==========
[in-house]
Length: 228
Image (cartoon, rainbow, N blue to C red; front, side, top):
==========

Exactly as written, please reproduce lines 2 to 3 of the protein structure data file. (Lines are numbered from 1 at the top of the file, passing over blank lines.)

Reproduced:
Length: 228
Image (cartoon, rainbow, N blue to C red; front, side, top):